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Education


Education in the Forefront at P&S

Dr. Gerald Fischbach
Dr. Gerald Fischbach
Education is a main concern at P&S. Over the years, the demands of research and patient care have often challenged this priority at academic medical centers, but P&S places a strong premium on teaching and learning at all levels; the goal here is to continue to advance education by identifying new curricula and by reemphasizing the scientific basis of medicine with new methodologies and content essential for this age of informatics and genetic medicine. P&S is also emphasizing humanism in medicine as well as science and plans to re-emphasize teaching by training, recognizing and rewarding superb teachers.

Marilyn Castaldi, Chief Communications Officer, recently spoke with Gerald Fischbach, M.D., executive vice president and dean, about education at P&S.

What distinguishes the College of Physicians & Surgeons?

The most striking thing about our school is the students themselves – the quality of their intellect, their diverse interests, their enormous energy. The talents of our students, combined with the talents and dedication of our faculty, make for a truly unique experience at P&S. Our challenge is to continue to meld the abilities all these gifted individuals have to offer as we rethink our goals for medical education in 2005 and the coming years.

How do you expect the P&S curriculum to change?

One way I think the curriculum will change is that there will be increasing recognition of the need to accommodate the diversity of our students' interests by creating distinct tracks within the medical school curriculum. We already have the M.D./Ph.D. degree. Other special tracks we may need to consider include community health and public service (with more of a primary care orientation); global public health; biomedical science; and a medical-administration track.

We will also need to make room in the curriculum for information sciences. We will have to recognize the increasingly important role of medical genetics and the bioethical issues that medical advances are raising. Moving forward, both medical genetics and bioethics will demand an increasing share of our attention as clinicians and researchers – therefore, they must also gain space in our curriculum.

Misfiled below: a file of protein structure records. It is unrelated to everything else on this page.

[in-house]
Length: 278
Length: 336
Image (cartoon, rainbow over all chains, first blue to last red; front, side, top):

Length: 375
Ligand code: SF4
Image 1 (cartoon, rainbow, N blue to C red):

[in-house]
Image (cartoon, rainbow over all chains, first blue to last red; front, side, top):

What will distinguish students as P&S-trained physicians?

We must challenge our seasoned faculty and talented students to help us answer that question. This demands great effort in defining the core elements of medical education that our students should receive.

The first step will be the appointment of a Senior Associate Dean for Medical Education. This individual will have to have a breadth of knowledge and interests to match the wide-ranging needs of our students. The person must embrace diversity and be willing to engage our other schools to develop exciting new integrated training programs.

What are some of the challenges P&S faces?

We face many of the traditional problems in medical education: finding adequate time and space in the curriculum. Rather than cram new segments into the already crowded curriculum, or make wholesale change, we need to assess and restructure strategically.

We need to be prepared to make dynamic change. And we will need to invest in the process of curriculum reform, over the course of about two years. A task force will be formed, with as many as 30 participants, both faculty and students. And we will explore availability of grant support in the process.

What are the goals for the coming years?

The goals for medical education, in general, are constantly evolving to meet the times. They are not the same today as they were in 1908 when the original medical school curricula were defined, or even the same as 20 years ago or a decade ago. So much has changed in how we need to prepare our students for their role as physicians in the early 21st century – technology; professionalism; knowledge of disease mechanisms; the way we treat both chronic and acute disorders; and, of course, social factors, such as the impact of the Web and increasing globalization. All of these factors are, and will continue, exerting great influence on medical education.

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